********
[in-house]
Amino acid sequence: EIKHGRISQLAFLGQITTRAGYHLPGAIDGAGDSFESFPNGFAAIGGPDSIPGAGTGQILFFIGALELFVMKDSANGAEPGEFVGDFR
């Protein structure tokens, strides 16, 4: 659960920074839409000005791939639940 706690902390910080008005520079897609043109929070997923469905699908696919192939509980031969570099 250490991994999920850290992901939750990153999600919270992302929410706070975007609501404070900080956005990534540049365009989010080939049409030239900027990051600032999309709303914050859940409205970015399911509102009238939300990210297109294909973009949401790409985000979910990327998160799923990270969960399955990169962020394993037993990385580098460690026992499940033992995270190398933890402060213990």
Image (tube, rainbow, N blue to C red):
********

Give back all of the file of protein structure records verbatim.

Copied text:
[in-house]
Amino acid sequence: EIKHGRISQLAFLGQITTRAGYHLPGAIDGAGDSFESFPNGFAAIGGPDSIPGAGTGQILFFIGALELFVMKDSANGAEPGEFVGDFR
């Protein structure tokens, strides 16, 4: 659960920074839409000005791939639940 706690902390910080008005520079897609043109929070997923469905699908696919192939509980031969570099 250490991994999920850290992901939750990153999600919270992302929410706070975007609501404070900080956005990534540049365009989010080939049409030239900027990051600032999309709303914050859940409205970015399911509102009238939300990210297109294909973009949401790409985000979910990327998160799923990270969960399955990169962020394993037993990385580098460690026992499940033992995270190398933890402060213990």
Image (tube, rainbow, N blue to C red):